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How to Document your Park

Aug 3, 2016
Hello Bob,

My names Atilio and I’m a 24 year old living in Calgary Alberta up north in Canada! I’m a huge fan and have been following your art for the last few years. I've been into photography for a few years now and after lot of thought and inspiration from your work I've decided I want to branch off into anthropology as well.

Calgary has a few locations not too different from Union Square and I’m going to try and create a documentary about the people of these areas. I was hoping I could get some advice from you as your art has been a huge factor in my decision to start this project!

I've never created a doc and really have no idea what I’m doing! What kind of equipment do you use for your videos and any advise that would help make the locals more receptive to being recorded and photographed? i hope to hear back from you and id really appreciate your time.

Best wishes,
-Atilio

 

Hey Atilio,
I'm definitely pleased to hear that I've inspired you to do something similar to what I was doing at Union.

Interestingly enough, when I first found myself at the Square I had no plans at all about documenting it in any way. I just fell in love with that park the minute I saw it. It was such an amazing place for people watching. It's those two factors that made it a great documentary possibility. #1 Amazing people watching. #2 Falling in love with the place.

It wasn't until after a couple years into hanging out there I realized I had to have a camera to start filming what I was witnessing there. At first I bought cheap little cameras that didn't exceed $200 and took mediocre photos, and really crappy videos. Mind you, this was around 2004 before digital photography & HD videos got as popular and affordable as they are now. And I'd already had the online presence with Jesus Dressup so I was ready with a platform to showcase my work.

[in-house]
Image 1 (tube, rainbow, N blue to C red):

Looking back, the thing I had most in my favor in regards to making people receptive to being photographed, and/or simply allowing me to shoot what I wanted whenever I wanted, was seniority. The more time I spent at that park and the more years that passed, the more comfortable I felt, and the people there just got used to me always being there. They'd even approach me wanting to be interviewed. Then when it came to filming the eccentric regulars like Wendell, Signs or the crusty punks who'd normally shun photographers, I was able to develop a relationship with them before pulling out the camera at all. As time passed and I reached the 8 to 10 year mark I was permitted to film almost whatever I wanted because the people there simply knew who I was, what I was doing, and were even there to back me up if I looked like I might be getting a bit nosey to someone unfamiliar with me. Then it wasn't until probably 2012 or so that I really developed a skill for interviewing. Now that I think about it, that started with me interviewing Shaggy for Year In Reviews. That's probably when I discovered I could basically use the same method of getting information out of anyone.